Written by Pat Grace Friday, 02 October 2009 00:00
It began with a puzzling agenda item on the Town of North Hempstead Board Meeting scheduled on Aug. 4 that read as follows:
“30. A resolution authorizing the retention of special counsel. Synopsis: this resolution will authorize consultation and legal representation relative to the Town’s acquisition of real property located in Manhasset, New York.”
Neighbors were alerted that the property in question was 51 Andrew Street, that the town outbid an existing buyer with a contract, and that the town had every intention of purchasing the house for 10 additional parking spaces and additional office space for town employees. And no guarantees could be provided that in the future the house would not be demolished.
Neighborhood residents and supportive citizens turned out in force on Aug. 31 to question the purchase on many levels: the price tag plus necessary renovations; no estimate undertaken of the costs/benefits of the project; the necessity; lack of any research including a review of alternate options; damage to an existing neighborhood; and the sneaky tactics –to name a few.
Town of North Hempstead Supervisor Jon Kaiman and Councilwoman Maria-Christina Poons presided at that heated meeting and to their credit, have listened to their constituents, and will not proceed, at this time, with the purchase of 51 Andrew Street, adjacent to the existing town hall parking lot. Supervisor Kaiman has said, “The town will not be going forward at this time in regard to the property located at 51 Andrew Street. The matter will not be on the calendar at the Tuesday night town board meeting. We understand that the bank will be moving on with an alternative purchaser.”
John Crewe, president, Manhasset Park Civic Association, wrote several letters to the Manhasset Press stating his opposition to the purchase and he, too, congratulated Supervisor Kaiman for being sensitive to the concerns of residents. Crewe stated, “We sincerely appreciate Supervisor Kaiman’s decision not to pursue the purchase of the private home at 51 Andrew Street for town use and for listening to the concerns of area residents. There was an accepted and contracted offer for this home by a family prior to the town’s involvement so I hope this family, or another, will now be able to make this property their home. It is unfortunate we had to adamantly oppose the town on this issue but we are simply looking for town hall to be a good neighbor and for the town board to be good stewards of both the tax dollars from and opinions of the constituents they represent.”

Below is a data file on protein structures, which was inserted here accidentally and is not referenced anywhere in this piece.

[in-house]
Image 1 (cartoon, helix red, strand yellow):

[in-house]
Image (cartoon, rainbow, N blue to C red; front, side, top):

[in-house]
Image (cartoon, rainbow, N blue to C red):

Echoing Crewe’s sentiments, Richard Bentley, president Bayview Civic Association, thanked the supervisor for listening to his constituents and compared the incident to the school board’s failed effort to purchase adjacent property a few years ago. The school board was also criticized for acting without a well thought out master plan. “All the members of Manhasset’s Greater Council are thrilled that Town Hall listened to our collective voices and exercised restraint. While we don’t doubt that the town leadership has more work to do in finding acceptable alternatives to Town Hall’s space and parking needs, we firmly believe there were less costly solutions that do not have such a negative impact on the neighbors surrounding Town Hall. Like the school board’s failed effort to purchase adjacent property a few years ago without a well thought master plan, I believe that government/municipal entities should not be in the business of speculative real estate and should not have knee jerk reaction to purchases simply because a property comes on the market. Such may be acceptable in private business, but in government, these economic times require restraint,” Bently said.
Supervisor Kaiman and Councilwoman Poons were commended by Ann Marie Fruhauf, president, Council of Greater Manhasset Civic Associations, “for listening to the concerns of the community in re-evaluating their plans to purchase the property. I believe that their decision was the right one when considering all aspects of the issue, particularly the economics of it and the preservation of the residential quality of Andrew Street. However, I think it is also important to note that our community is understanding of the parking and space problems which the supervisor identified as one of the reasons for considering this purchase. Our community stands ready to work with the TNH to try and resolve these issues in a manner that is fiscally responsible and acceptable to the town and the community. We would only ask that we be part of the discussion and not put on the defensive.”
Bill and Terry Riggin live on Andrew Street and “are obviously very happy that the town board reconsidered, that better sense prevailed, and that the voice of the residents and taxpayers was heard. While relieved that the town has decided to not move ahead with the purchase of 51 Andrew Street the process has left us very aware of the power of town government and we feel we will need to keep a watchful eye on the town board agendas in the event something of this nature comes up again. A more transparent process would serve the community better. We are very grateful to the all the Manhasset residents who stood beside us and also very grateful for ‘power of the press.’
Greater Manhasset successfully supported its neighbors by opposing a poorly planned expansion of town government. And the Manhasset community is grateful to town government for listening to its constituents.